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Music Apps For Music Lovers


There are many different music apps available for smartphones and savvy shoppers. Some, such as Spotify, gained fame by being embroiled in legal disputes. Others are simply a fact of life, such as iHeartRadio and Pandora.

In a survey sent out among English classes, 72 out of 100 students say they use a music app, and 46 say they use more than one kind of app. Forty-seven people said they use Pandora, 34 use SoundCloud, 22 use Spotify, eight use iHeartRadio, and 25 use apps that were not an option on the survey, such as Garageband or Google Play.

With all the apps available, it is only natural that students gravitate towards those that are free, such as Pandora and SoundCloud, the most popular in the survey with 47 and 34 users respectively.

“I [use] SoundCloud to listen to artists who aren’t signed [by a record label] or [not very popular],” senior Taeha Walker said.

iHeartRadio is also free, though there was a large difference between the number of users on the survey who said they use the free sites, Spotify having 22 users, iHeartRadio having only eight.

“I prefer Spotify only because I can check out artists’ music before possibly buying it,” junior Austin Richardson said.

The free version of Spotify only works when connected to a wifi network, and there is no downloading of songs, only shuffling between with limited skips amidst ads. The paid version can be used without wifi, there are no ads, any song can be chosen, and there are unlimited skips.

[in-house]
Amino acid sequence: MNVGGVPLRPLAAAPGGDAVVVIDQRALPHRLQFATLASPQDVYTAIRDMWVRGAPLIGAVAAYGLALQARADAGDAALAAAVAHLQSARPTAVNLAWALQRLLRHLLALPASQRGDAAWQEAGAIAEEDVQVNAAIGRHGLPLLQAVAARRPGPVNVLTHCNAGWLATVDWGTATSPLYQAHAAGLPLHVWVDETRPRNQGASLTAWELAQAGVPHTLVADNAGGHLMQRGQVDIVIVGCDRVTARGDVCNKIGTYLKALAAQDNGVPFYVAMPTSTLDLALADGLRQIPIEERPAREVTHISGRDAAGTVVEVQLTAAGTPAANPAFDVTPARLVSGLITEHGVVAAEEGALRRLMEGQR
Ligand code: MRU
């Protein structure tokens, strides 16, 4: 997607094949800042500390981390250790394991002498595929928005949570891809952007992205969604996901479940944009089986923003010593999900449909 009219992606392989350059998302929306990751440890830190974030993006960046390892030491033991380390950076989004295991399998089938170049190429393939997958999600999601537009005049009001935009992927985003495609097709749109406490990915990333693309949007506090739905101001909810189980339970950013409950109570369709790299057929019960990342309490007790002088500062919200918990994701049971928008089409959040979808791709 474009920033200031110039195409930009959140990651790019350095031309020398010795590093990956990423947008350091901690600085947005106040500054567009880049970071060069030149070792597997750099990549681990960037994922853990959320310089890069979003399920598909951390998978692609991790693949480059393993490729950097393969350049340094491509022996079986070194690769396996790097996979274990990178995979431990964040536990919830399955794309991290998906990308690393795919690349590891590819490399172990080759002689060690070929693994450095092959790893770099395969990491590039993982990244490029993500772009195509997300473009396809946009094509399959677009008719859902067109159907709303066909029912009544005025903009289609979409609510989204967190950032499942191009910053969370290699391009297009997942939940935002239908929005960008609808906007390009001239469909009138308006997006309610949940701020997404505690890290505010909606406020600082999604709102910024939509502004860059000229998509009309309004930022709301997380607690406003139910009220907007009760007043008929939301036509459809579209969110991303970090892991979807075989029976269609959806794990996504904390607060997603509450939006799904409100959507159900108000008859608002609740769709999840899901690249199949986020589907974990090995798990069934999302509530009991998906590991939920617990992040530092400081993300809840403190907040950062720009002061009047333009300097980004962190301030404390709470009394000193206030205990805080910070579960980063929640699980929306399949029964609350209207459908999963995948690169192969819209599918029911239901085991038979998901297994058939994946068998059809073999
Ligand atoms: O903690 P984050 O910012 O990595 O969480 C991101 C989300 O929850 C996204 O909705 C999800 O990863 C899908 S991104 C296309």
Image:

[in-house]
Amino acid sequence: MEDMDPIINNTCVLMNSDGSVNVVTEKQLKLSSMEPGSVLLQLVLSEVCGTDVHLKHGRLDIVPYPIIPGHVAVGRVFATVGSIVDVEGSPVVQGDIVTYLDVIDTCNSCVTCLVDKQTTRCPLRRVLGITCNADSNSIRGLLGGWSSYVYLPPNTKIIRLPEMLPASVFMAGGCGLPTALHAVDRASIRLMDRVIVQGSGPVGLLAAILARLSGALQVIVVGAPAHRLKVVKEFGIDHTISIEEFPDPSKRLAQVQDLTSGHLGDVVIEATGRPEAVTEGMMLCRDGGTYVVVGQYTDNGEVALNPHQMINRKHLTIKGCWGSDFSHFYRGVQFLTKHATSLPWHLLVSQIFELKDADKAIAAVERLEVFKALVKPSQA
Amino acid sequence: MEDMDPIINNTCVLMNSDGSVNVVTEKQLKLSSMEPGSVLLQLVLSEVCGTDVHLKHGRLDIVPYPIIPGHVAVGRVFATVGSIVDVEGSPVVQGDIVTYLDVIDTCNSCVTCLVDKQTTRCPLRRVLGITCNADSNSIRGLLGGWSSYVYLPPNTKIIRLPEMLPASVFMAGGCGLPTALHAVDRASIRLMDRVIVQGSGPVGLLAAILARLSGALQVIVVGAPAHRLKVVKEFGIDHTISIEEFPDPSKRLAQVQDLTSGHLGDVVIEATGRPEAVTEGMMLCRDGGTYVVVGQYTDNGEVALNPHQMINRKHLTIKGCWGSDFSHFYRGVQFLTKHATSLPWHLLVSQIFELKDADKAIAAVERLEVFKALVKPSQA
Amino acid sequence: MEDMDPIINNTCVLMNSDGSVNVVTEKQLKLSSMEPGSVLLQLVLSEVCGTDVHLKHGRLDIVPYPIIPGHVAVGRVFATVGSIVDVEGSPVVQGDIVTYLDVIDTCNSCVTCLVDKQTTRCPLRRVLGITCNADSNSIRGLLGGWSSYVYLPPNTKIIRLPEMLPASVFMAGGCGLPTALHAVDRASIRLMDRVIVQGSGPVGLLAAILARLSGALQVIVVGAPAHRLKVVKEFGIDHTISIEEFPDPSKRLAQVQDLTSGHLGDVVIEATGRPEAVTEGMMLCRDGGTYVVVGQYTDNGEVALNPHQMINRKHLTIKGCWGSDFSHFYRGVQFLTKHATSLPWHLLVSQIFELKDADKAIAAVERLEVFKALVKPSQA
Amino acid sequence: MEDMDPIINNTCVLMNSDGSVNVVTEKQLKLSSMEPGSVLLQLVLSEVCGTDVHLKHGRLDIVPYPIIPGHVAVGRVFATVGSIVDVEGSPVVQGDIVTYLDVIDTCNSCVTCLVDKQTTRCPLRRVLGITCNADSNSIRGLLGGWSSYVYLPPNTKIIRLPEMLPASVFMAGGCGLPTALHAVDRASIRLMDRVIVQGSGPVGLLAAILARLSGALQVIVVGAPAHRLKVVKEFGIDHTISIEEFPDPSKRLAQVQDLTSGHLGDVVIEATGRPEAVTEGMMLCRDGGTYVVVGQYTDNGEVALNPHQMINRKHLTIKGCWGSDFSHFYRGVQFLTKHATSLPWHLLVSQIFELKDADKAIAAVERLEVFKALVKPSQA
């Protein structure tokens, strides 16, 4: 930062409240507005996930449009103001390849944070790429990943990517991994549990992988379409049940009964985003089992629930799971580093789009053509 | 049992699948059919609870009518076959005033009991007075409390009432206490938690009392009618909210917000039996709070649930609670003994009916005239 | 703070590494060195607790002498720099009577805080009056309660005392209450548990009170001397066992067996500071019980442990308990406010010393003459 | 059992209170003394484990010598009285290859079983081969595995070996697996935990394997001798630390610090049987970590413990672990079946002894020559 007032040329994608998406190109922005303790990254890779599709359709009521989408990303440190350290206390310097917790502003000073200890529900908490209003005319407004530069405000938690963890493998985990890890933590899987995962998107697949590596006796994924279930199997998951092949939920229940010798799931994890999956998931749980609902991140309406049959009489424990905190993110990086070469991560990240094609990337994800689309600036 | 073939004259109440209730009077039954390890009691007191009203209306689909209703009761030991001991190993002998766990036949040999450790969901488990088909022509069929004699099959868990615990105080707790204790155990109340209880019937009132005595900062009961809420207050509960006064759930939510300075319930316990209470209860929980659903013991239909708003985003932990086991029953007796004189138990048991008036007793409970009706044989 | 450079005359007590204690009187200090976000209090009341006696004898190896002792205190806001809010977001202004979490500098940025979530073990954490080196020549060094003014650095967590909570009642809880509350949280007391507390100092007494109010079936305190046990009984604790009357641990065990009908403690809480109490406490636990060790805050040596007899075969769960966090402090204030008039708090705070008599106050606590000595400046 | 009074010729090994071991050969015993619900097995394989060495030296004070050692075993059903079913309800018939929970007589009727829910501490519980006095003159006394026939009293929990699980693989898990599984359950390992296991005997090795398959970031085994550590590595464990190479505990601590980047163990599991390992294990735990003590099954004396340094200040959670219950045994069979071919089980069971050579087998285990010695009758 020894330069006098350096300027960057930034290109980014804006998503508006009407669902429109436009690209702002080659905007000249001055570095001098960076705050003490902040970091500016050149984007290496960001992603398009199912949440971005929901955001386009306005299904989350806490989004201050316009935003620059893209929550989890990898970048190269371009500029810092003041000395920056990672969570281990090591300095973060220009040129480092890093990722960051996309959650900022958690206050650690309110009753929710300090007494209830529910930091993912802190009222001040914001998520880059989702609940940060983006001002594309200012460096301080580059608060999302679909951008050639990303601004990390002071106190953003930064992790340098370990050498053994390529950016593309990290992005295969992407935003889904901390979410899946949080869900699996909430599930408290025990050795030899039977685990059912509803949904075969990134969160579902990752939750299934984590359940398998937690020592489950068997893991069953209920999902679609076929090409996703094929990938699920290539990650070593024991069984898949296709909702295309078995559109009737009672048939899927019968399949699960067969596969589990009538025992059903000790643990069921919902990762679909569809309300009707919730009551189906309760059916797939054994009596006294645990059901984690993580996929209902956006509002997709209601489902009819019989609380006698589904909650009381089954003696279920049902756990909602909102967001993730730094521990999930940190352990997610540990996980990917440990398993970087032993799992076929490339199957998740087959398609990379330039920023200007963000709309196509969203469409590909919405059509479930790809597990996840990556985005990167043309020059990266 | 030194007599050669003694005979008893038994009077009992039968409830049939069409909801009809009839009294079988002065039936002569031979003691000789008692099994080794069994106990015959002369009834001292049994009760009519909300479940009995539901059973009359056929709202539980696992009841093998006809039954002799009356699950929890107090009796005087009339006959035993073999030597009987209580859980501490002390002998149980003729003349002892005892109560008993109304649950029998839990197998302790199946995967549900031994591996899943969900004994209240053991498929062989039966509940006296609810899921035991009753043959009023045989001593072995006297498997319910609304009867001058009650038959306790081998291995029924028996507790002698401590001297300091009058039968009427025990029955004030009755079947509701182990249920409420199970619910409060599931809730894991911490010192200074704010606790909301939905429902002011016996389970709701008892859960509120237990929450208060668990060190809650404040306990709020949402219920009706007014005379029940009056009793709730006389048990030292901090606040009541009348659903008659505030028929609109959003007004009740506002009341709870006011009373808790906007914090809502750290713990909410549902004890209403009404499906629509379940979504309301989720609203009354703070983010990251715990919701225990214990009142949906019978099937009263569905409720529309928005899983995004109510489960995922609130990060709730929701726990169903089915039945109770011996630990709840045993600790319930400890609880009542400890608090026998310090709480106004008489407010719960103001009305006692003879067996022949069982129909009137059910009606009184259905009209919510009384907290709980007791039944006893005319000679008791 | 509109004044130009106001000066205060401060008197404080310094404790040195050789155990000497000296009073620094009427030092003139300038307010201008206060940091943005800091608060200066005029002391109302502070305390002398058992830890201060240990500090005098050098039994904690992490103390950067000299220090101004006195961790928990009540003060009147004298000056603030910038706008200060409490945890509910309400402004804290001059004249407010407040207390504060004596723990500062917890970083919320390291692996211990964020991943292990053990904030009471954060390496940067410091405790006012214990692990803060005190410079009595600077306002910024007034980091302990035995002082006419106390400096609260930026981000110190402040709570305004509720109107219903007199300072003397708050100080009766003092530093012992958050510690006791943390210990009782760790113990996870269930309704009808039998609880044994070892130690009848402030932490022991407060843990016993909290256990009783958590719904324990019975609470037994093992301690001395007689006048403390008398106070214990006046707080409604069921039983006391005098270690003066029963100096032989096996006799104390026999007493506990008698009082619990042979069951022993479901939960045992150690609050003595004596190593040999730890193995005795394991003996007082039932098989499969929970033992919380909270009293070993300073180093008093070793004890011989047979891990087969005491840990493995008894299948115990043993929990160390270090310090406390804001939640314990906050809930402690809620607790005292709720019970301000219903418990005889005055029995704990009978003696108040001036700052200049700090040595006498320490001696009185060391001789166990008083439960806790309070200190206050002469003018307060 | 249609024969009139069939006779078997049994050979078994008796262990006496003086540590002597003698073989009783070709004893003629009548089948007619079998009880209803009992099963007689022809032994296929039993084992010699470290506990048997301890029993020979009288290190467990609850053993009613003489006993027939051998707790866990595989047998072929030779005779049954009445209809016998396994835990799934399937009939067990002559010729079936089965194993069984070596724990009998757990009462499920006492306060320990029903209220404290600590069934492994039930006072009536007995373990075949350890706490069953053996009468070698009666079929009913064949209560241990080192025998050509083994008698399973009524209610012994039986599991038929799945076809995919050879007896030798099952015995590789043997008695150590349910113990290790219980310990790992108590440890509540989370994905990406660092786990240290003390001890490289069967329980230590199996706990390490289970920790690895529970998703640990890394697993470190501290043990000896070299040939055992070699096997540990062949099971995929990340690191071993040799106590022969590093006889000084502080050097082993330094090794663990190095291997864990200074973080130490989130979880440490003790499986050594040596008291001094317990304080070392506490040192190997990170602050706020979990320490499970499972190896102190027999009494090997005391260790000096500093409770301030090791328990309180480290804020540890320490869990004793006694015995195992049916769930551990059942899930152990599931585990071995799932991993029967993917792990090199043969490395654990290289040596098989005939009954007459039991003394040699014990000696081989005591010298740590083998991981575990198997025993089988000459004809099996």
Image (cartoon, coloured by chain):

“I prefer iHeartRadio because it runs faster,” junior Kayla Shafer said.

Apps that were not included on the survey by name, but were volunteered by the students who took the survey include Shazam, Garageband, My Media App, and Google Play.

“Shazam lets me find out what song I’m listening to so I can buy it on Google,” junior Noah George said. “I like using Google Play because it lets me have music on both my phone, tablet, and computer.”

Garageband is used for making original music. There is a selection of instruments to choose from, and the user can either play it manually or choose from a selection of already prepared pieces. After completion, notes can be changed to separate ones to fit together to form a song. Junior Carlos Colon uses Garageband to upload rock music he creates.

Pandora and iHeartRadio work similarly to each other.

“[You] type artists’ [names] and it’ll pull up a station based off name, [the] station will have similar artists, [and you] thumbs down to change song,” Shafer said. “I would recommend iHeartRadio.”

Pandora comes in free and paid much like Spotify. The free version contains ads and there are limited skips, while the paid version eliminates ads and has unlimited skips.

“With Pandora you tell the app what you like and it makes a radio station just for you,” George said.

Not only can the music apps be used to find artists students already know, they can be used to discover new artists.

“[I listen to] Pretty Reckless [and] Halestorm,” Shafer said. “[They’re] rock [and] more underground.”

“Since I like mostly classic rock, I listen to a lot of Queen, Pink Floyd, Van Halen, Tom Petty, and a lot more, but my favorite band is Electric Light Orchestra,” George said.

George found Electric Light Orchestra through music apps, and Colon found From The Womb the same way.

“I don’t know a lot of people who don’t use these apps but for anyone who doesn’t I’d recommend both,” George said. “Google Play (or iTunes if you have Apple) and Pandora.”

“I would definitely recommend Garageband,” Colon said. “It takes a little while to learn how to use it, but it’s definitely nice to express yourself in music that you make.”

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